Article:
HERE is the season of life in which I must remember, and say “thank You,” and worship.

The load of laundry? That’s evidence that we have ample clothing.

The full dishwasher? That’s proof that a meal was prepared and enjoyed last night.

It’s ordinary. And it’s divine. I choose to see God here. Maybe one day He will call me to something more than life as I know it now. Or maybe that’s not His plan. He has a purpose, and it’s sufficient. It’s good. It’s worthy of my praise and my faithfulness.

I think of Brother Lawrence who became well known for his faithful attention to God’s presence in the midst of any activity. Brother Lawrence didn’t compartmentalize his awareness of God’s presence to just “spiritual” endeavors. He practiced God’s presence as he washed dishes. His highest calling was to worship. And that calling brought delight into his duties.

“We can do little things for God,” said Brother Lawrence.  “I turn the cake that is frying on the pan for love of Him, and that done, if there is nothing else to call me, I prostrate myself in worship before Him, who has given me grace to work; afterwards I rise happier than a king. It is enough for me to pick up but a straw from the ground for the love of God.”

Today I’ll set my mind on the grace of grocery shopping, the delight of doing dishes, and the worship opportunities in the midst of work.  These tasks give me the opportunity for today’s praise and tomorrow’s preparation.

A waiting person is a patient person. The word patience means the willingness to stay where we are and live the situation out to the full in the belief that something hidden there will manifest itself to us.”
― Henri J.M. Nouwen

“We ought not to be weary of doing little things for the love of God, who regards not the greatness of the work, but the love with which it is performed.”
― Brother Lawrence, The Practice of the Presence of God

* Gideon, pg. 42

Conversations with Brother Lawrence is written by Larry Slater.

A Lesson from Gideon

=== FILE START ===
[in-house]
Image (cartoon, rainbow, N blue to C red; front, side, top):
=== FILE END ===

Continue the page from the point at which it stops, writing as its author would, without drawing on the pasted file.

I’ve been anticipating Priscilla Shirer’s latest Bible study, Gideon, for several months now, and it’s finally here! With an amazing group of ladies at my church, I’m eager to be challenged, encouraged, and strengthened through this study.

Gideon has inspired me for a long time, ever since I heard an unforgettable sermon about this “mighty warrior” and his story recorded in the Old Testament book of Judges.  I was in a forgettable season of life when I first heard how God called Gideon out of obscurity and oppression. As he addressed a group of people desperate for a word of hope, the chaplain’s message brought Gideon’s story to life. My husband and I volunteered occasionally for the Sunday chapel services at a local rehabilitation hospital, and our “congregation” consisted of patients who were recovering from traumatic, life-changing injuries. Believe me, I counted my blessings as I witnessed their physical suffering, but somehow I felt a kinship with their doubt and discouragement. As I was recovering from the eating disorder, I was getting better on the outside, but on the inside remained a mess of regret and insecurity.

The Lord is with you, mighty warrior.”

Go in the strength that you have.

The angel of the Lord gave these affirmations to Gideon as he threshed wheat in a winepress (where no one threshes wheat, but it served as an adequate hideout from the Midianites).

God had chosen reluctant Gideon to lead Israel out from Midianite oppression. I can just imagine Gideon spinning around to see who the angel was speaking of — this “mighty warrior.” Can you sense his surprise when he realized….

Who, me?